Not too many people get to have the sort of fun that I often experience. It is one of the aspects of farm life that I love. There are routines on the farm and the animals KNOW these routines well. They respond well to them and they provide a bit of humor along the way.
Each evening my husband hooks up the milker and faithfully milks our cow. He then brings the big milker bucket in and pours it through the strainer into 2 gallon jars and then the rest of it into a gallon pitcher. He then heads out to clean the milker and I wipe off any milk spills and put the jars in the milk fridge in the proper date order. The milk in the pitcher goes mostly to animals. It has been cold here, so our outside doors have been closed. The dogs know that the first animals to get their share of the milk is them. I have 3 bowls out on our utility porch. I put a little bit into each one. Then I go over and open the door. This is what greets me!!
Star and Belle are always just sitting and waiting, but Dixie the pup has to dance. She jumps in the air, sits, then jumps again, then sits, then lays, then gets up. It is the milk dance!!! I let them all in, they all run to a bowl and start LOUDLY lapping it up. I call it Lapland!! It is their anthem!!
I grab a scoop of cat food and head out the door with the pitcher. All, the cats come whining around me making it hard to walk. I fuss at them and tell them to get out of my way. They run over to their bowls. I pour the dry food in one and then put milk in the other. I leave them all there being noisy. The one female adult cat always goes for the dry food first, so you hear her crunching. The others are all around the milk doing their own version of the Lapland national anthem.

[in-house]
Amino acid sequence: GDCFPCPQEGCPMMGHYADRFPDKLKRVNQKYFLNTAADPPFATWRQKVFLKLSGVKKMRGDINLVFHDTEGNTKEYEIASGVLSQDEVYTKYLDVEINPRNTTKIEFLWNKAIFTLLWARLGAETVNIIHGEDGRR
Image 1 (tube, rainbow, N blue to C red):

Then I go around the corner to the 3 little calves up by the house. I try to sneak up so that they don't see me (it is easier to get in and out of the pen if they are still outside). They have been getting a little milk lately, and since then, they are all there waiting on me. Since the pasture and hay have been so bad due to drought, we have been giving them a bit of beet pulp soaked in water. I have been adding some milk to it. I put the beet pulp in a bucket and add the water it needs. Then I go over and fill their water buckets, while letting the pulp soak a bit. We have one large hanging feeder in there. Two calves can comfortably get their head in there, three calves can FORCE their heads in there. I go and get the milk pitcher and then I get the bucket of soaked beet pulp. I stand outside the fence and pour the milk and the beet pulp at the same time into the feeder. Did you know that calves can DIVE?? Two immediately get their head down in there and start inhaling the food. The odd man out tried to get his nose and mouth down in there. He goes to one side and tries to force his way, then he sucks on the ear of the calf on that side to see if somehow the food will come up through there. Then he runs to the other side and the same thing happens. This is the calf milk dance. Then he gets really serious and pushes his head down in there as well. That is where I leave them... three calves unusually close doing their version of the Lapland anthem.